On our way to and from Namibia, we visited all of our usual Amaryllid localitites, but were very disappointed as there were hardly any flowers at all. Some species such as Hessea breviflora and Strumaria truncata and salteri flowered well, but there were no mass displays of Brunsvigias or Haemanthus of any sort. The more we see of these plants, the more we realise how little we know about them – what makes them flower, for example? It is obviously far more than a case of wet or dry.
Andy, our partner at Frontier Laboratories, has expanded once again and has added another 4000m2 of greenhouse to the lab. We intend using it for growing on some of the bulbs that we produce, eg Zantedeschias, Scadoxus, Veltheimias, Ornithogalums, Agapanthus etc. The lab is very busy and we are vaguely thinking of expanding it. The property is looking very nice this season, with most of the “alien” vegetation (Australian Acacia species) now removed. Each year more and more annuals and bulbs flower in the undeveloped portion of the property, and we realise how many species managed to survive the 30 or more years under invasive tree species.
Rod has found that seed cleaning has an element of risk attached to it. He has developed a most impressive and persistent allergy to Podocarpus falcatus seeds! His face swelled to the point where he could barely open his eyes, and he was covered in a scarlet blotchy rash all over his body. A trip to the doctor and 4 injections later he seems to be on the mend, but at present is extremely irritable, itchy and best left alone! He has cleaned these seeds for about 12 years with no problems at all, so what happened this year we don’t know. His message is – treat Podocarpus with respect!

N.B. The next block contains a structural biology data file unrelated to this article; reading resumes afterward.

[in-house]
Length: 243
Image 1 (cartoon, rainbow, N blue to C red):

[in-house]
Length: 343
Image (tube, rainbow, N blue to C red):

At present we are preparing for the IBSA (Indigenous Bulb Society of SA) Symposium, to be held at the end of August. Rod is the Chairman of the Society and Rachel is the treasurer, so we both have lots of work to do. The bulb displays for the field trips should be excellent this year due to the rain, so hopefully all our delegates will have an interesting time. Maybe we will see some of you at the Symposium.
TO ALL OUR CUSTOMERS FROM THE USA
As many of you know, we are having increasing problems with the USDA, and they are taking up to 3 weeks to inspect our parcels. The US Government has brought out a new system for people importing small quantities of seeds. You need to apply for a permit for “Small Lots of Seed”, and you can then import seeds with no phytosanitary certificate. Not only will this make your seed orders cheaper, but it should make the whole system much quicker. To get a permit, a resident of the USA sends in a permit application form. Information is at:
http://www.aphis.usda.gov/ppq/Q37/smalllotsseed.html . Alternatively, go to:
http://www.aphis.usda.gov/ppq/permits/plantproducts/nursery.html and click on the Small Lots of Seeds Program. From there, you can click on “PPQ Form 587” (a form that is used for many kinds of plant permits) to download, print, and fill it out. Page 2 of the form has special instructions for the small lots of seed permit. There are only two lines that require special wording; the rest is your personal information. Then the completed and signed application needs to be faxed or mailed to
the number or address at the end of the instructions (page 3).
Best wishes to you all
Rod and Rachel Saunders